Rule of law
From Wikipedia, the free encyclopedia.
The rule of law implies that government authority may only be exercised in accordance with written laws, which were adopted through an established procedure. The principle is intended to be a safeguard against arbitrary rulings in individual cases. http://en.wikipedia.org/wiki/Rule_of_law
Rule of Law Publications
Including the International Criminal Court statute, and information on accountability for serious international crimes.
The Rule of Law Provides Foundation for Democracy
Judicial independence, equal protection and civil liberties are key components
By Alexandra Abboud
Washington File Staff Writer
The rule of law is a fundamental component of democratic society and is defined broadly as the principle that all members of society -- both citizens and rulers -- are bound by a set of clearly defined and universally accepted laws. In a democracy, the rule of law is manifested in an independent judiciary, a free press and a system of checks and balances on leaders through free elections and separation of powers among the branches of government.
Although a written constitution is not a necessary component of democracy – for example, Great Britain does not have one -- in the United States, the rule of law is based primarily on the U.S. Constitution and on the assurance that U.S. laws – in conjunction with the Constitution -- are fair and are applied equally to all members of society.
In the United States, an independent judiciary, with the U.S. Supreme Court as the highest authority, has the ultimate responsibility for ensuring the government respects the rule of law and that all citizens are treated equally under the law.
U.S. Supreme Court Justice Anthony Kennedy, during the American Bar Association’s November 11, 2005, International Rule of Law symposium, outlined what he believes are the three major components of the rule of law:
• The government is bound by the law;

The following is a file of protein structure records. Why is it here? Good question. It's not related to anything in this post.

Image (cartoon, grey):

• All people are treated equally under the law; and
• The law recognizes that “in each person, there is a core of spirituality and dignity and humanity.”
A GOVERNMENT “OF LAWS AND NOT OF MEN”
John Adams, who with Thomas Jefferson drafted the Declaration of Independence, wrote in 1776 in his Thoughts on Government, “a republic is an empire of laws, and not of men."
In the U.S. legal system, the separation of powers as outlined in the U.S. Constitution ensures that the three branches of U.S. government, legislative (the Congress), judicial (the courts) and executive (the president and his Cabinet) are given certain powers that can be exercised only by one branch. This separation, according to the founders, ensures that one person or group of people cannot concentrate all political power in their own hands, thereby creating a government that is run not by the whim of a few people, but rather by laws that are passed by Congress, a body that is elected by the people.
Practically speaking, for the U.S. government to act, several safeguards are in place to ensure that one branch cannot wield power without deference to the other branches.
Some examples of these safeguards include the president’s ability to veto laws, and the Congress’ authority to override vetoes only with a super majority of votes.
Because the U.S. Congress is a body of elected officials, those officials are charged with carrying out the will of the people who elected them. According to Kennedy, this provision ensures “the government is bound by the fact that the law must originate in the consciousness of the people.”
The Supreme Court, the highest court in the U.S., ensures that laws, both federal and state, do not violate the rights of the people, which are enshrined in the U.S. Constitution. Even when Congress passes a law that is supported by the president, and enacted into law, a person who is affected by the law has a right to petition the courts if he or she believes the law violates rights guaranteed by the U.S. Constitution. But for this system to work, it is necessary to ensure an independent judiciary.